AA meetings in general are a shitty way to spend your life. I am less angry now. I am less angry because I got my life back. And AA did not give it to me, nobody did. I just finally wanted to live and not feel creeped out any more.

    it's funny, my ex old man (and father of my son) used to go. that is where we met. i was prolly thirteen stepped a little by him. whatever. anyway, he thinks AA is dumb and that it is a crock, but he never felt conned. he never swallowed the whole pill. he has no anger, he says. though i will tell you, he was glued to this site for a few days straight.

    rambling again…hope you all are having a super autumn saturday.

  • speedy0314

    wouldn't it be cool if you could use the "character flaw" defense at an IRS audit?

    i would be so down with AA if that could get that bit of legislation push through. man, i'd have a higher power & beatin' feet to a meeting the very second this (or any future) president signed that bill into law!

    a defective man can dream,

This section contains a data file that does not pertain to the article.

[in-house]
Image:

speedy

  • lucy

    did you guys see this? talk about infiltration of government…

    http://www.insidebayarea.com/crime-courts/ci_1610

  • speedy0314

    @ lucy:

    tough call on that one.

    could be the fecal fingers of AA at work or it could be the local zoning office actually doing its job (for once). that the "area" (however that's defined by the municipality's charter) has five liquor stores in the immediate vicinity sounds like fair enough grounds to me for denying the license.

    then again, i'd like to see that same charter's civic definition of a "fellowship" just to make sure things are even-steven.

    all things considered, i'm pretty confident san francisco can get by without another liquor store.

    speedy

  • joedrywall

    Well according to the world best and most accurate news source God may be giving up his AA involvement, as well as other stuff that he is contracted with.

    http://www.theonion.com/articles/god-hinting-at-r

  • speedy0314

    @ joedrywall:

    indeed.

    in my book, there are only two things cooler than the onion — michael jordan & willie mays.

    zeppelin comes in at a VERY close number 4.

    [g]OD™ (while he's still on the job) bless us all,

    speedy

  • Z

    TB it is true about the hypnosis.

    I am still angry and sad about the self destructive things I did as a result of 12 stepping and the ways I learned to think about myself in it.